A proposed Wal-Mart distribution center that has been in limbo for years in Merced officially is dead, the company announced Wednesday.
Wal-Mart, the world’s largest retailer, proposed in 2005 to build a 1.2-million-square-foot distribution center on a 230-acre site on the southeast edge of Merced. It was expected to employ up to 1,200 people.
Putting an end to the center was a “business decision” made by Wal-Mart, Mayor Mike Murphy said Wednesday.
The nature of retail has changed since the project was announced 12 years ago, according to Delia Garcia, Wal-Mart’s senior director of communications.
“We are innovating our business. We are transforming our business,” she told the Sun-Star on Wednesday. “We are investing heavily in e-commerce, and our e-commerce capability.”
The fact that it had an opportunity to bring so many jobs to Mercedians was the reason we were so supportive of it.
Mayor Mike Murphy
After it’s initial proposal, the center became mired in a three-year court battle brought by the Merced Alliance for Responsible Growth, which objected to Wal-Mart’s salary practices and argued the 24-hour center would negatively impact nearby homeowners. The California Supreme Court declined to hear the case in March 2013, effectively killing an appeal from the group.
The site designated for the center, at the northwest corner of Gerard Avenue and Tower Road, sat idle until last month when the company began drilling to test the land, according to city staffers. Then came the change in plans.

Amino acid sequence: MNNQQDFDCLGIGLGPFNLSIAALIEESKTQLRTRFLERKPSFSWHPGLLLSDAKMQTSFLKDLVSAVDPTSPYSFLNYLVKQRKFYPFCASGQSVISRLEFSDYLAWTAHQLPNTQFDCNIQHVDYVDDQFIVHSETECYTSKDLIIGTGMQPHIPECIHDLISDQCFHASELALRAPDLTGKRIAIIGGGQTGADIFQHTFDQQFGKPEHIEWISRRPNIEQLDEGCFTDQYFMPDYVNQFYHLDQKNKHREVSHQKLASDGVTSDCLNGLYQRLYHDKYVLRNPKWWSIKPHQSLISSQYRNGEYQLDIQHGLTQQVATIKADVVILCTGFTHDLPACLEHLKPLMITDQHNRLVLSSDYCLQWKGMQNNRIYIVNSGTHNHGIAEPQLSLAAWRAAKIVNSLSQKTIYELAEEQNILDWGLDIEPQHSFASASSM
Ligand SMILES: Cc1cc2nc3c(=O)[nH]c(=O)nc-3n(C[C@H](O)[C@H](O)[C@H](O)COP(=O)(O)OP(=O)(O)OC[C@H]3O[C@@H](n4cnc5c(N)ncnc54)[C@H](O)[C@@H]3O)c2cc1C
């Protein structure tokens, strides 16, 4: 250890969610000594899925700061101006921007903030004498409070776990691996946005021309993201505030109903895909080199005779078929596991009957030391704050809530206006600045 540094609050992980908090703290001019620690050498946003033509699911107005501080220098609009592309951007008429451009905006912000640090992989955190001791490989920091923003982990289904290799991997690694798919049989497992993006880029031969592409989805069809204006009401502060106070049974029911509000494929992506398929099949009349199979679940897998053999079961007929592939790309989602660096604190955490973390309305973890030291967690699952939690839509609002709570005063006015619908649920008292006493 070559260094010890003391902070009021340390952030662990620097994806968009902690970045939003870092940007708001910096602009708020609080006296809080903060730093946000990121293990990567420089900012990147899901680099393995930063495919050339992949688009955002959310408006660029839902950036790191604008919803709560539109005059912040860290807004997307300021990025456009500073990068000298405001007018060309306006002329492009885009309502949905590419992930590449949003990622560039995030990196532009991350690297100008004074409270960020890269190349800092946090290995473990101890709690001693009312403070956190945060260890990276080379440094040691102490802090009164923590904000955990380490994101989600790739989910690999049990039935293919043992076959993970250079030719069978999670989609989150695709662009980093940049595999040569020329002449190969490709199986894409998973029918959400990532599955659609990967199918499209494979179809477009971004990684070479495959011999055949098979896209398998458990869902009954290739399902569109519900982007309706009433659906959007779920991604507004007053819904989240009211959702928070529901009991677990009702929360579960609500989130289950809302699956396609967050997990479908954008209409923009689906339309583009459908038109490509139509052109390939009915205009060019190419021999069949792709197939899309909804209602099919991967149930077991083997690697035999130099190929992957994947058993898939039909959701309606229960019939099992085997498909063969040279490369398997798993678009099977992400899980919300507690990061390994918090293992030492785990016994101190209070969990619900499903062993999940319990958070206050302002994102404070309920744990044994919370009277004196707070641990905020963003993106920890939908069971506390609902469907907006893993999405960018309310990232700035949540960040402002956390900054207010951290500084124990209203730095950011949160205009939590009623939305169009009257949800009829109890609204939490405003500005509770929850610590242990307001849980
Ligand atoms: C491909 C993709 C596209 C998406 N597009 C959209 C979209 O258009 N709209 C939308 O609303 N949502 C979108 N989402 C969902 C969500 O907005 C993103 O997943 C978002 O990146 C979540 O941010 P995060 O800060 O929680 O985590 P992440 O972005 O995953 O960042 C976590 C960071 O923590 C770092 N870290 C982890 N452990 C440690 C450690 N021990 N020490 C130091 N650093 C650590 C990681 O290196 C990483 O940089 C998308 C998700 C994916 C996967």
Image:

Murphy said the city was looking to other projects to bring jobs to Merced.
“The fact that it had an opportunity to bring so many jobs to Mercedians was the reason we were so supportive of it,” he said. “We’ve got a lot of other projects in the works and lot of other good things that are happening, and we’re not going to let this deter us.”
“The city government did everything it could to, No. 1, facilitate it coming to Merced and, No. 2, to try to retain them once they changed their mind.”
The number of jobs projected for the canceled project
The company is balancing out its online presence and brick-and-mortar stores, she said, adding that Merced’s Loughborough Drive store has been around almost 25 years.
“The distribution center network supports that, but we’ve been innovating and transforming our business as the retail landscape is changing rapidly,” she said.
More and more retailers are moving towards e-commerce and online fulfillment centers according to Frank Quintero, Merced’s economic development director. “Look at Macy’s and Nordstrom’s’ web sales and even Target is following the online model,” he said. “Wal-Mart has a huge online presence that changes the need and nature of their warehousing operations.”
City Manager Steve Carrigan said the city will bounce back from the disappointment.
“We really would have liked the Wal-Mart project,” he said. “We are going to move on and look for other opportunities.”